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Football Manager Handheld

Addicts beware.

Dark blue icons of video game controllers on a light blue background
Image credit: Eurogamer

When a game as all-consuming as Football Manager enters your life, there's only one problem: knowing when to stop. That one-more-fixture, one-more-transfer feeling creeps into the lives of all but the most disciplined players, and this uncontrollable, bona-fide addiction is responsible for more than the odd divorce and relationship headache along the way.

After ten, 12 years of dabbling with Sports Interactive's various releases, we know this; we know responsible playing is the answer, so we only get to dip in and out these days. As a result this cruel denial of our FM fix nags away, forever reminding us that a manager's work is never done. If only we could use all those dead hours during the week and could play it on the way to work or during lunch breaks, Ragbag Rovers would be kings of Europe by now.

But unless you're lucky enough to have one of those ultra portable, extra-expensive laptops, the chances are that on-the-move play is pretty impractical for all but the most devoted FM-phile. So, imagine our delight (and slightly guilty fear) when we got to feast our eyes on Sports Interactive's forthcoming Football Manager Handheld, due for release on the PSP on April 13th.

Reasons to be cheerful part 2006

They missed the 'chances of heading into own net' stat out.

Far from worrying about commutes and lunch breaks, SI boss Miles Jacobson jovially suggests another reason to celebrate the brand's transition to the Sony handheld: "It's the best game to play while having a crap," he says, giving us a disturbing mental image we didn't want to dwell on for long. Vivid imaginations are a double-edged sword, evidently.

The mental image of thousands of FM fans dropping their kids off at the pool while wheeling and dealing in the transfer market is a bizarre and extreme thought to pontificate on, but Jacobson's absolutely right, filthy animal that he is. We only trust he washes his hands.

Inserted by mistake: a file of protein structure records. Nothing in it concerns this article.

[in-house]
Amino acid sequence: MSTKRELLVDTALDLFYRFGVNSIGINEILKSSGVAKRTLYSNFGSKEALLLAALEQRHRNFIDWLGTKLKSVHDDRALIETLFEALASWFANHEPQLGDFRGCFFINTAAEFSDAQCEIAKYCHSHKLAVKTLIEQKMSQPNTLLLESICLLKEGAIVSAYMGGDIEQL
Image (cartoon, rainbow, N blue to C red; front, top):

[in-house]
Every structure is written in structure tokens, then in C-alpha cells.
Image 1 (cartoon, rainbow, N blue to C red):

He's right, for the simple reason that FM fans will doubtlessly go to these lengths to make sure their gameplay sessions remain uninterrupted by even the crudest calls of nature, and will probably even whip out the PSP during half time intervals of real games to pick up from where they left off.

But anyway, enough hideous visions, let us tell you what else we found out about "the ultimate handheld game and various other cheesy expressions" during our latest visit to SI HQ.

Up to speed?

Miles can't resist showing off his Watford exploits again.

The first thing to address is the speed of the game, and how the PSP can possibly cope with the vast quantities of statistical data that bring manly PCs screaming to their knees. Well, evidently FM Handheld was never going to be a direct port, and so the game has been streamlined to make sure the whole experience is as slick as possible. "The only slow thing in the game is the set up," promises Jacobson, and having run through a few league games, it's easy to see that this is definitely the case. "There's no waiting around - matches play out quickly," he asserts, as results similarly trickle through at an impressive pace, leaving players able to swiftly get on with their own affairs.